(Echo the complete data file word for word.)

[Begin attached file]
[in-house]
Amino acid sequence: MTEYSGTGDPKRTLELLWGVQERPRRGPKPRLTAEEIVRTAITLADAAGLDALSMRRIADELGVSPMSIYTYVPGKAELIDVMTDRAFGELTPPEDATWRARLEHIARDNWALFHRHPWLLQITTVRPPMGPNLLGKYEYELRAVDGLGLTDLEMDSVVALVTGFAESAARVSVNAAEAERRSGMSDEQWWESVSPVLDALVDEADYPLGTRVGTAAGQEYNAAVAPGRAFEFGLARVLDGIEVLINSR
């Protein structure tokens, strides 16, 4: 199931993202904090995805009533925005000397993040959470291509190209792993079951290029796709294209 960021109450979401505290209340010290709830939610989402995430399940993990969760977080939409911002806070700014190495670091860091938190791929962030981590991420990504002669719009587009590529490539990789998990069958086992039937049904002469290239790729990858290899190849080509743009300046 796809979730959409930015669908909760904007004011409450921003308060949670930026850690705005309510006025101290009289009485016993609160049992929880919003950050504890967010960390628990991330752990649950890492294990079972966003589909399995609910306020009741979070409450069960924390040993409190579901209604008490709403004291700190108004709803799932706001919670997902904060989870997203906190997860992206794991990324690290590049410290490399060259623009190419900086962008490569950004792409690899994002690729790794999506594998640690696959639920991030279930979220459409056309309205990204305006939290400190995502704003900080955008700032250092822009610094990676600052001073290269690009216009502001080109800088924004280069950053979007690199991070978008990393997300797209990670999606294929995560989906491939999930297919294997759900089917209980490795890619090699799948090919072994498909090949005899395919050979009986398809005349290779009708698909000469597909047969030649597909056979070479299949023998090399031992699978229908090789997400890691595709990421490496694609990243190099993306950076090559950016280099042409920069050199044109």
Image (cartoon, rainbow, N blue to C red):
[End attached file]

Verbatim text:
[in-house]
Amino acid sequence: MTEYSGTGDPKRTLELLWGVQERPRRGPKPRLTAEEIVRTAITLADAAGLDALSMRRIADELGVSPMSIYTYVPGKAELIDVMTDRAFGELTPPEDATWRARLEHIARDNWALFHRHPWLLQITTVRPPMGPNLLGKYEYELRAVDGLGLTDLEMDSVVALVTGFAESAARVSVNAAEAERRSGMSDEQWWESVSPVLDALVDEADYPLGTRVGTAAGQEYNAAVAPGRAFEFGLARVLDGIEVLINSR
């Protein structure tokens, strides 16, 4: 199931993202904090995805009533925005000397993040959470291509190209792993079951290029796709294209 960021109450979401505290209340010290709830939610989402995430399940993990969760977080939409911002806070700014190495670091860091938190791929962030981590991420990504002669719009587009590529490539990789998990069958086992039937049904002469290239790729990858290899190849080509743009300046 796809979730959409930015669908909760904007004011409450921003308060949670930026850690705005309510006025101290009289009485016993609160049992929880919003950050504890967010960390628990991330752990649950890492294990079972966003589909399995609910306020009741979070409450069960924390040993409190579901209604008490709403004291700190108004709803799932706001919670997902904060989870997203906190997860992206794991990324690290590049410290490399060259623009190419900086962008490569950004792409690899994002690729790794999506594998640690696959639920991030279930979220459409056309309205990204305006939290400190995502704003900080955008700032250092822009610094990676600052001073290269690009216009502001080109800088924004280069950053979007690199991070978008990393997300797209990670999606294929995560989906491939999930297919294997759900089917209980490795890619090699799948090919072994498909090949005899395919050979009986398809005349290779009708698909000469597909047969030649597909056979070479299949023998090399031992699978229908090789997400890691595709990421490496694609990243190099993306950076090559950016280099042409920069050199044109």
Image (cartoon, rainbow, N blue to C red):